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Thursday, January 12, 2017

Horse Sense: Pop the Pupster and send him on his way to exile

Why the Hoboken City Council must select a NHSA commissioner who is not Pupie

It's January and the Hoboken political class is chirping who will emerge to challenge Mayor Dawn Zimmer's bid for a third term this November.

As all aspects of politics and particular to Hoboken are oft akin to a circular firing squad, there's a commissioner's seat up for a council selection.

Let the firing commence!

Frank "Pupie" Raia is an anachronism. He happens to be one of the most colorful characters in Hoboken Sopranos history and on occasion is the most entertaining interview no matter the subject matter. He does more than a modicum of good with local groups such as Hopes and his family acts similarly, often quietly in non-publicized, charitable activities.

Then, there's the dark side. As a developer who came up from the rough and tumble streets of the Mile Square City, Raia benefited with land deals making him wealthy or very wealthy as he's known to tell everyone. His regular entry into politics with more failure than success saw him as the Board of Education President a decade ago. An independent audit reviewing that period reeks to this day with the bad practices, mismanagement and outright corruption.

Of course there's the sizable vote farming operation mostly in the Hoboken Housing Authority and senior buildings yet with us today. Raia's name has come up more than once alleging pay for votes. MSV broke the acquiescence on the practice in 2010 where Raia and the Masonista ape were both named in the alleged effort. 

The ensuing publicity and statewide attention led to an investigation by the NJ Attorney General's Office but didn't dampen the swarmy practice of hunting out votes for allegedly $35 or $50 a pop. In 2013, MSV followed with a post-election report where voters lined up to collect on their "duty."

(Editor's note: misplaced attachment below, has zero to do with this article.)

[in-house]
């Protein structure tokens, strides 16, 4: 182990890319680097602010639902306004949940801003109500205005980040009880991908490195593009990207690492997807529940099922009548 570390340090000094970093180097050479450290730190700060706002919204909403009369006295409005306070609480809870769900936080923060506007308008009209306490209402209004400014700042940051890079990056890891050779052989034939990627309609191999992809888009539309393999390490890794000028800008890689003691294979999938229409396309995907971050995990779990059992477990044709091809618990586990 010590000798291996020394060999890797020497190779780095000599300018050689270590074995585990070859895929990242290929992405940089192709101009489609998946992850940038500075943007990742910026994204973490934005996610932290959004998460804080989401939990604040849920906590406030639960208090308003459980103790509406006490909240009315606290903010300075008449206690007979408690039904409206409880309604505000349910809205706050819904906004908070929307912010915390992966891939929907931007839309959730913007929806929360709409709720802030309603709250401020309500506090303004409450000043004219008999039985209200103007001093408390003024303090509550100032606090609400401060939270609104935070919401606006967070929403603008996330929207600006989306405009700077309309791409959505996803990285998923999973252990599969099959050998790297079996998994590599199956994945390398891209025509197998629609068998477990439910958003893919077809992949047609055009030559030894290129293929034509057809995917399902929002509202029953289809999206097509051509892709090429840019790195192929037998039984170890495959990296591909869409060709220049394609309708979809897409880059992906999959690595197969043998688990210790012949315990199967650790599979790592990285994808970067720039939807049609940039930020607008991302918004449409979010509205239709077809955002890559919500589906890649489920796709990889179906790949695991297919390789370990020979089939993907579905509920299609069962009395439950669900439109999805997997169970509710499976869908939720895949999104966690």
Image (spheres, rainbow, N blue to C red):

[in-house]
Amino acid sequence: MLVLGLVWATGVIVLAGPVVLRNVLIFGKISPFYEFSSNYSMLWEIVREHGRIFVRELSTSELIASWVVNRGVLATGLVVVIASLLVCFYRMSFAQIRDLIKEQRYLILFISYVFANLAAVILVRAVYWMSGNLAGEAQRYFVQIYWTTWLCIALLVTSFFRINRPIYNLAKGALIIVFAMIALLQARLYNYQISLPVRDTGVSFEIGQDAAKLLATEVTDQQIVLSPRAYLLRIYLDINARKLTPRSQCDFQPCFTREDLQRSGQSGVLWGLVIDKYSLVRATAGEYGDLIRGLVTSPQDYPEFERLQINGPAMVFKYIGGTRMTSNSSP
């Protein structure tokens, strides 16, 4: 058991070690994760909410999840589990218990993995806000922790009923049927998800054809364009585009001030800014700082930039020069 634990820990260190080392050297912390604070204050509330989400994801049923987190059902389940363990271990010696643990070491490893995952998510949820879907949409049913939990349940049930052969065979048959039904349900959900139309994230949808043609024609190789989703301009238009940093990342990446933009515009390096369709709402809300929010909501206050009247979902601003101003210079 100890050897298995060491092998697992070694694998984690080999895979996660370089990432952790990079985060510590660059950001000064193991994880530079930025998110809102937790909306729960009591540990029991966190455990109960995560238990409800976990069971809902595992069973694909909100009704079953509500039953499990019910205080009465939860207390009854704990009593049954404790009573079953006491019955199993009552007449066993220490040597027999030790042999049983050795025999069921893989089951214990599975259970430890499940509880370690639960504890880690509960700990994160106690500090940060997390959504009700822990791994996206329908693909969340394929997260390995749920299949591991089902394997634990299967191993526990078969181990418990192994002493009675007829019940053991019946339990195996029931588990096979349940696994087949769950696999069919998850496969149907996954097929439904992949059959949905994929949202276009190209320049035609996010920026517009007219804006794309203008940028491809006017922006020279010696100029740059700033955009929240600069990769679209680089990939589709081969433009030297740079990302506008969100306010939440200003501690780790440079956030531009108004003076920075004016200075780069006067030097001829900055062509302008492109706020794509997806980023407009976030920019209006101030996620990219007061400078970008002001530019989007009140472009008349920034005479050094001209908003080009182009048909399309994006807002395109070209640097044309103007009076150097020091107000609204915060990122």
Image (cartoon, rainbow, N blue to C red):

This activity took place outside the Raia hangout on Jefferson St. What more needs to be said?

Frank "Pupie" Raia (l) with notorious Masonista and frivolous litigant Lane Bajardi back in the day at the scene of
the Hoboken City Council. Raia teamed up with Beth Mason in 2013 running a disastrous mayoral ticket where
he finished in seventh place among council at-large candidates. 

Realism of the Hoboken political variety demands an examination of last year's North Hudson Sewerage Authority (NHSA) vote. It was inconclusive if Raia would actually get another term sending his "service" at over three decades on the NHSA board when the council convened. In the end, public pressure from Hoboken's reform oriented grassroots finally popped the bubble of the Pupster's bid.

Some of those same votes can be expected to be repeated. Councilman Michael Russo who almost faced a mano a mano war for the third ward council seat with Raia is certainly going to lead any votes in his favor for old time's sake. Alright, it's not for old time's sake but at least for the Old Guard's sake. That's to be expected.

The two votes lining up for Raia from the reform oriented council were the chief concern. Last year Councilman Peter Cunningham lent his support to Raia when not a single person in a town of over 52,000 submitted an application other than the 25 year incumbent. That offered some cover when Kurt Gardiner, a reform stalwart made a late entry to the position.

This year however there will be no such excuses for any councilman. Councilman David Mello prefaced his vote last year calling the Pupster his "friend." It wasn't pretty but when the landslide tally commenced, Mello got off the Pupie friendship train and hopped on the Gianticus Express.

Now we're in an election year coming off one of the most decisive election victories at the Board of Education, always a precursor for the mayoral race. Who among a reform party slate needs Raia? No one.

So this time come next week there's no excuses. There's three perfectly suitable applicants available to bring fresh perspective to the NHSA. Pop the Pupster bubble, press flush and end it already. 25 years on one Hoboken board is beyond enough. See ya in November.